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location Utah, USA
age 37
visits member for 4 years, 5 months
seen Nov 15 at 20:03

I am a software programmer using C#, C+, and (less often) PHP. I frequently work with SQL, HTML, CSS, Javascript, and XML.

I own a business for technical consulting, programming, general IT work, and designing custom electronics (usually for costumes and theater/movie prop use).

I enjoy computers, music composition, photography, writing, sci-fi/fantasy, birding, and occasional cooking. (Many of which are topics of SE sites!)

A note on capitalization, spelling, and grammar: I care about the quality and readability of the questions and answers on StackExchange sites. I frequently edit for these reasons. I understand that not everyone knows English as their first language. If I leave a comment for you asking you to observe some language-usage convention, it's meant as a helpful hint, not as an attack.


2d
awarded  Notable Question
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awarded  Notable Question
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awarded  Explainer
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awarded  Nice Answer
Sep
16
comment What gauge wire/cord do I need for these outdoor lamps?
@Speedy I didn't say insulation does not matter, I said it doesn't change how much current a given wire can carry. The more current a wire carries, the higher the temperature will be, and thus you need to have an appropriate type of insulation. Different charts provide "safe" ampacities based on ambient temperature and insulation material. Yes, I have seen (and worked with) NEC information. What terms do you find erroneous or not standard?
Sep
16
comment Are extension cords safe for permanent use?
I would add to this list to never use an extension cord when still coiled up. The rating assumes the cord will cool in open air, but coiled-up cords cannot dissipate heat very well, which can lead to a fire.
Sep
16
comment What gauge wire/cord do I need for these outdoor lamps?
(I should have added that the voltage drop was at the ~5.7A load of the lamp. It would be more with a higher wattage load.)
Sep
16
comment What gauge wire/cord do I need for these outdoor lamps?
Similar/related questions of interest: What size extension cord should I use for multiple computers?, Extension cord and power strip safety, Are extension cords safe for permanent use?
Sep
16
comment What gauge wire/cord do I need for these outdoor lamps?
Also for a more general guide to selecting extension cords, Home Depot has a friendly chart without all the math. :) (Though it is a bit less conservative.) General Cable also has a PDF guide.
Sep
16
comment What gauge wire/cord do I need for these outdoor lamps?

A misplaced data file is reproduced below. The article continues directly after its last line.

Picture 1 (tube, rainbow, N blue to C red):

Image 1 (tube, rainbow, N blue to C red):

The ampacities given by NEC are less conservative than the table I used. For 10 AWG copper wire with a 60°C rating, the value given is 30 A (compared to 15 A). There are many factors involved, but I would hesitate to use a 10 AWG extension cord for a 30 A load. Also, I calculated the voltage drop for a 100' length of 14 AWG extension cord (200' total) to be < 3V, which I wouldn't necessarily deem excessive.
Sep
16
comment What gauge wire/cord do I need for these outdoor lamps?
@Speedy A lot of ampacity charts show values like the one I linked. "Chassis wiring" is meant for wiring in air, while "power transmission" is for wiring in bundles (ref), as you would find in a typical extension cord. Insulation type doesn't change how much current a given wire can carry directly, but matters because a wire carrying high currents at high temperature can burn or melt insulation that isn't rated for it.
Sep
15
revised What gauge wire/cord do I need for these outdoor lamps?
Some clarifications
Sep
15
answered What gauge wire/cord do I need for these outdoor lamps?
Sep
15
revised What gauge wire/cord do I need for these outdoor lamps?
Spelling in title
Sep
15
suggested approved edit on What gauge wire/cord do I need for these outdoor lamps?
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awarded  Famous Question
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comment Why is high voltage coming out of HDMI port on my TV?
This question appears to be off-topic because it is about a home electrical problem that should be addressed by an electrician on site.
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awarded  Yearling
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awarded  Curious
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comment Live wire touching ground, sends power back through TV cable
Unfortunately this question isn't really on-topic, as it's not about electronics design. I think you just need to find a reputable, qualified electrician to come and sort out the issues. There's no way to provide a reasonable answer in the context of this site, as nobody here has access to your household wiring to perform some basic measurements and inspection.